Engineered Liposomes: Antibiotics Substitute?

The last century was with no doubt ‘the antibiotic era’.  All known major antibiotic drug classes were identified. Extensive use of antibiotics resulted in a considerable decline in mortality and morbidity from common bacterial infections. However, that era is no more. In this new era, antibiotic resistance is very common and the number of new antibiotics is also diminishing. Therefore we are exposed to double threat to our continued protection from bacterial pathogens.  A simple bacterial infection like pneumonia might thus become serious without the protective antibiotics. In addition to limit the spread of resistance through more cautious use of our current weapon, it is becoming increasingly important to identify new classes of antibiotics and to develop alternative antimicrobial strategies that can replace antibiotics as they become ineffective. Therefore an alternative therapeutic concepts leading to bacterial abolition is of prime importance.

A new study from the University of Bern has developed a novel substance, other than antibiotics, for the treatment of severe bacterial infections. As this substance is not an antibiotic, it would prevent the development of antibiotic resistance. The team of international scientists has tested this novel substance, a nano-particle, to target directly to bacterial toxins, a novel approach of treatment of bacterial infections. The scientists engineered an artificial nano-particles made of lipids, “liposomes” that closely resemble the membrane of host cells. These liposomes act as traps for bacterial toxins and so are able to sequester and neutralize them instantly. Without toxins, the bacteria become harmless and can be eliminated easily by the host’s own immune system.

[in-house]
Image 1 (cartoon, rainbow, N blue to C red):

In clinical medicine, liposomes are used widely as a vehicle to deliver specific medication into the body. However in this study, artificial liposomes are created to attract bacterial toxins and thus protect host cells from a hazardous toxin attack. The toxins are attracted to the liposomes, and once they are attached, they can be eliminated easily without causing any danger to the host. Since the bacteria are not targeted directly, the liposomes do not promote the development of bacterial resistance, which is definitely another advantage.

The whole study is conducted on mice and needs to be tested in human before it can be used as a therapy. It is observed that mice treated with the liposomes survived from fatal septicaemia without any additional antibiotic therapy. This study is promising and no doubt has huge application side, particularly at this era, when antibiotic resistance, one of the pre-eminent public health concerns, is so prevalent.

 

Journal Reference:

Brian D Henry, Daniel R Neill, Katrin Anne Becker, Suzanna Gore, Laura Bricio-Moreno, Regan Ziobro, Michael J Edwards, Kathrin Mühlemann, Jörg Steinmann, Burkhard Kleuser, Lukasz Japtok, Miriam Luginbühl, Heidi Wolfmeier, André Scherag, Erich Gulbins, Aras Kadioglu, Annette Draeger, Eduard B Babiychuk.Engineered liposomes sequester bacterial exotoxins and protect from severe invasive infections in miceNature Biotechnology, 2014; DOI:10.1038/nbt.3037

 

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Arunima Maiti

Arunima Maiti

Biomedical scientist with special interest in reproductive biology.

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